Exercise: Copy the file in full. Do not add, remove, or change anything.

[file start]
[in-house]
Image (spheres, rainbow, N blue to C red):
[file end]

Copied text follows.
[in-house]
Image (spheres, rainbow, N blue to C red):